The Cuban physician and epidemiologist Carlos Juan Finlay (1833-1915) discovered that certain mosquitoes transmit yellow fever.
Carlos Juan Finlay was born in Camagüey Province on Dec. 3, 1833, of a Scottish father and a French mother. He spent his early years on his father's coffee plantation but soon was sent to school in France and England. From there he traveled to the United States, where he received a degree in medicine at Jefferson Medical College, Philadelphia, in 1855. He returned to Cuba and began to practice medicine after revalidating his degree at the University of Havana. From Cuba he traveled to Peru, Trinidad, and France, working in various hospitals. In 1870 he settled in Cuba permanently, developing an interest in the island's sanitary and health problems.
When, in 1879, an American mission arrived in Cuba to study the causes of yellow fever, the Spanish government designated Finlay to work with the group. He developed the idea that the transmission of yellow fever required a vector. At the International Sanitary Conference, held in Washington in February 1881, he explained his theory. In August Finlay read before the Academy of Sciences of Havana his historic work showing a mosquito, Culex fasciatus or Stegomyia fasciata (later known as Aedes aegypti), to be the vector of the yellow fever organism. Although Finlay advanced numerous experiments and observations to support his conclusions, his theory was not accepted by the scientific world for almost 2 decades. In a report to the International Sanitary Conference held in Havana in 1901, Walter Reed confirmed Finlay's discovery.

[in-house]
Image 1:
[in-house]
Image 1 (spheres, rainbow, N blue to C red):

When United States troops landed in Cuba in 1898 during the Spanish-American War, Finlay worked with the American army in Santiago de Cuba. He further tested his theories in practice and advocated a campaign against the mosquito. As a result of his urgings, W. C. Gorgas, United States health chief in Cuba, began a program, later extended to Panama, to exterminate the mosquito, thus putting an end to a sickness that had plagued the Caribbean for many years.
In addition to his work in the epidemiology of yellow fever, Finlay wrote extensively on ophthalmology, tuberculosis, tetanus, trichinosis, filariasis, leprosy, beriberi, cholera, and exophthalmic goiter. After the establishment of the Cuban Republic in 1902, he was appointed public health chief, and the Cuban government created in his honor the Finlay Institute for Investigations in Tropical Medicine. Finlay died in Havana on Aug. 20, 1915.
Carlos E. Finlay, Carlos Finlay and Yellow Fever (1940), is a valuable work by Finlay's son and includes most of the Cuban scientist's writings on yellow fever, as well as a section on his life. A collection of essays on Finlay published by the Cuban Ministry of Public Health is Dr. Carlos J. Finlay and the "Hall of Fame" (1959). See also Enrique Saladrigás y Zayas, A Tribute to Finlay (1952). □